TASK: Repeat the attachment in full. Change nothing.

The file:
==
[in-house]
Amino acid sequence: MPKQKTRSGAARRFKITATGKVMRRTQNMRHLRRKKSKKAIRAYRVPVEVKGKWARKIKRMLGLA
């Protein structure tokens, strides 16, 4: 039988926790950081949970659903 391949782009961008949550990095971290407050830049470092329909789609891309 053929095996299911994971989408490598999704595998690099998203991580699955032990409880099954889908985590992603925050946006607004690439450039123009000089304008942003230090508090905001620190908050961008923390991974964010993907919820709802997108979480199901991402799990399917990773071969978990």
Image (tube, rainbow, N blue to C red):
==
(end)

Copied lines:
[in-house]
Amino acid sequence: MPKQKTRSGAARRFKITATGKVMRRTQNMRHLRRKKSKKAIRAYRVPVEVKGKWARKIKRMLGLA
């Protein structure tokens, strides 16, 4: 039988926790950081949970659903 391949782009961008949550990095971290407050830049470092329909789609891309 053929095996299911994971989408490598999704595998690099998203991580699955032990409880099954889908985590992603925050946006607004690439450039123009000089304008942003230090508090905001620190908050961008923390991974964010993907919820709802997108979480199901991402799990399917990773071969978990």
Image (tube, rainbow, N blue to C red):